2013 was definitely a personal best in spending on music, with 296 purchases as of this writing. Compare that with the 94 purchases from 2012 and 72 from 2011.
But only 59 of those 296 were new releases, a scant 17 percent of the total. In previous years, that percentage would be half.
So where did all that cash go? Vinyl.
The purchase of a new speaker system ushered a vinyl renaissance, and I’ve pretty much embarked on crossgrading the better parts of my digital collection to analog.
I’ve long ago abdicated any responsibility for being a heatseeker, but this year pretty much made it plainly official.
- Jarell Perry, Simple Things
I downloaded Jarell Perry’s debut album, Simple Things, a few days after he opened for Cody ChesnuTT at the Neptune Theatre, and it confirmed the impression Perry left with me that night — he is the American answer to Utada Hikaru. Like Hikki, Perry draws on influences inside and outside the mainstream. There’s a Björk-like ethereal quality to his music, and his understated delivery no doubt draws comparison to Frank Ocean. Simple Things has all the beats and emotive power of R&B with a subversive current of indie rock rippling below. It’s the most impressive album of 2013.
- Patty Griffin, Silver BellPatty Griffin has made an industry of quiet introspection, but that doesn’t mean her more ferocious moments are less awesome. Frankly, I’ve wanted more of the Flaming Red Griffin than the Living with Ghosts Griffin. Silver Bell was intended to be the follow-up to Flaming Red, but label politics kept the album in limbo till more than a decade later. Like its intended predecessor, Silver Bell balances Griffin’s expertise in the slow burner with her under-utilized skills as a blazing inferno. It’s wonderful for this album to have been finally released. It should be no surprise I prefer it over her latest original, American Kid.
- Sam Amidon, Bright Sunny SouthTrack down Tim McGraw’s recording of “My Old Friend” and compare it with Sam Amidon’s cover. Amidon’s double-time version does a far better job evoking the song’s sentiment than McGraw’s sleek radio-friendly original. And that’s his genius — bringing out hidden depths of established material. If that means having a dialogue with his banjo on “As I Roved Out” or going nutso in the middle of “He’s Taken My Feet”, so be it.
- James Blake, OvergrownI can’t cite a specific example to demonstrate this perception, but Overgrown is both a weirder album than James Blake’s eponymous debut and a more tuneful one. “Retrograde” comes close to epitomizing this notion. Blake sings a gorgeous melody, but a siren blares a pedal tone right in the middle of the song.
- Sigur Rós, KveikurSigur Rós has been inching away from its glacial pacing over the last three albums, but Kveikur finally finds the band striking the right balance. Með suð í eyrum við spilum endalaust, the first attempt to break free from so much aching beauty, had a split personality. Kveikur embraces Sigur Rós’ slower pace but lays heavier on the guitars and the backbeat. It’s a truly gritty work.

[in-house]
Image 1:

- Hem, Departure and FarewellIn nearly averting its demise, Hem managed to craft an album closest to its brilliant debut, Rabbit Songs. Hem hasn’t messed with its core competencies — rustic American music made lush with a chamber orchestra. But the writing is much stronger this time around.
- Johnny Hates Jazz, MagnetizedHow is it possible that Johnny Hates Jazz records its first new album in more than two decades, and it’s far and away better than its most popular work?
- Emmylou Harris and Rodney Crowell, Old Yellow MoonI’m not at all familiar with Rodney Crowell’s albums, but I am familiar with his working relationship with Emmylou Harris, who drafted Crowell for her Hot Band in the 1970s. You don’t need to know that history to witness how well the pair work together on Old Yellow Moon.
- TV Mania, Bored with the Internet and Prozac?I always wondered what happened with this Duran Duran side project. While sessions for the Medazzaland album stalled, Nick Rhodes and Warren Cuccurullo fashioned a concept album around reality television a good half decade before the idea of reality television became, well, reality. Bored with the Internet and Prozac?, like Medazzland, is an album outside its time. If it had been released 16 years ago as planned, it would have every bit as singular as it does today.
- LEO Imai, Made from NothingLEO Imai’s detour with Mukai Shuutoku on KIMONOS had a tangible affect on him. Made from Nothing is Imai’s hardest and weirdest album, flirting with but never quite crossing into avant-garde terrain. Listeners might actually find this album a tough one to like, but there’s no mistaking the limb on which Imai precariously perches himself.
- Res, Refried Mac
- Janelle Monáe, The Electric Lady
- Camper Van Beethoven, La Costa Perdida
- 10,000 Maniacs, Music from the Motion Picture
Favorite catalog and reissues:
- The Waitresses, Just Dessert: The Complete Recordings
- Jayne Cortez and the Firespitters, Maintain Control
- The Family, The Family
- ABBA, Arrival
- Holly Johnson, Blast!